health

'Last Christmas I realised my drinking was destructive. This will be my first sober December.'

When I say that I’m sober, it doesn’t mean I was an alcoholic. I wouldn’t say I ever had an addiction to alcohol. For me, being sober isn’t defined by what you’re sober from, but it’s more about the headspace you’re in now. 

By definition; sober means ‘not affected by alcohol’ - so for all intents and purposes, I’m sober. I don’t drink anymore.

I’m 25 now, and up until New Year's Eve 2019, I had been a casual weekend drinker for about 10 years. 

Watch: Your body after one year without alcohol. Post continues below.


Video via Mamamia

Just this week, The National Health and Medical Research Council (NHRMC) released new guidelines around alcohol consumption. Under the recommendations, they suggested adults should drink no more than 10 standard drinks in a week and no more than four in one day.

Retrofitting these guidelines onto my previous drinking habits makes it pretty clear that my behaviour was unhealthy. I don’t think I ever had just 4 drinks in one day and definitely wasn’t sticking to the 10 a week suggestion either.

When everyone around you is doing the same thing and drinking the same amount as you, it’s difficult to take a step back and critically think about what you’re doing and why you’re doing it. 

Drinking was such a habitual thing for me and the cornerstone of most of my social life. If there was a brunch I was going to, it was probably boozy, if I was catching up with a friend, we were catching up over drinks. Alcohol gradually became something that facilitated most of my social interactions.

Nights out were always with a glass in hand. Image: Supplied.

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I had been subtly brainwashed by society that I wasn’t making the most of my weekends unless I was out drinking. 

I had told myself things like ‘this is what your 20s are for’ and ‘go big or go home’. The concept of going out and not drinking seemed completely pointless to me. I was an all or nothing type of person and couldn’t bring myself to ‘only have a couple.’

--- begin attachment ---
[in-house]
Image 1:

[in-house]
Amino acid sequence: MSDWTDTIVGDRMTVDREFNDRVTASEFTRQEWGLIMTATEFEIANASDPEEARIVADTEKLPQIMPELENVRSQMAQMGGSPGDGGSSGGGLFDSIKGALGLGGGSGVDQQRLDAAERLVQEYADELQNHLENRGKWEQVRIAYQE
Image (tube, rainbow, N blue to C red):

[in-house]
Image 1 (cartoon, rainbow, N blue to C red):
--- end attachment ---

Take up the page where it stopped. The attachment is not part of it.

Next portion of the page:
I had even convinced myself that I had social anxiety. 

I felt nervous before going to social events and gatherings where I didn’t know many people but was comforted in knowing that after a few drinks, conversation would flow and all the pressure would fall off.

Thinking about that from the other side now, I was so mistaken. The thing is, I’m a naturally outgoing person and far more extroverted than I gave myself credit for. 

The problem was that I had never given myself a chance to go to these events without drinking so I just assumed that it would be more daunting than it actually would have been.

My worst fear back then was that someone would think that I was god forbid ~boring~, so I drank to dispel those thoughts and put on this facade of the confident self-assured person who could talk to anyone.

The ironic thing is, drunk people are quite often the boring ones. 

Sorry to generalise, maybe I should just say drunk me was boring. Have you ever tried to have a decent conversation with someone who is wasted?

Either one of two things happen: 1) you partake in meaningless small talk but you don’t care because you’re drunk or;

2) You share way too much information too quickly with people you don’t know under the guise of having a ‘deep and meaningful’ but let’s be honest you will never see those people again and they probably don’t care about your issues.

Point is - I was ready to break the toxic and habitual hold alcohol had on my life. 

I was exhausted by being constantly pulled by the ebb and flow of the drunk/hangover cycle. I wanted to take back ownership of my life.

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Christmas drinks meant multiple Spritz’s. Image: Supplied.

I had realised that I had never had a night out where I didn’t binge drink. And I also realised that I had never had a night out without drama, drunken mishaps or regrets. When I put these things together, I realised something had to give.

Initially, giving up alcohol was ego-destroying. When you realise that for 10 formative years of your life, you were only engaging in ‘performative fun’ and your social life was defined by nights you don’t remember - you’re jolted into an awareness that your identity isn’t truly your own. And that is ego-destroying. 

Why? Because whenever you quit something, you’re forced to acknowledge that you previously weren’t your ideal self.

Everything you thought you were, everything you had built in your life - your friends, your social life, your sense of self had been shrouded in this big lie. 

That we were all having fun.